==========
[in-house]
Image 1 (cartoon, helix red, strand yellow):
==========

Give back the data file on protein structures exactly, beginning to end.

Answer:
[in-house]
Image 1 (cartoon, helix red, strand yellow):